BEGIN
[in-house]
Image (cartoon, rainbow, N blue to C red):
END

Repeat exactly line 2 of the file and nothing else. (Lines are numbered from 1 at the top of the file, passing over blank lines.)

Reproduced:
Image (cartoon, rainbow, N blue to C red):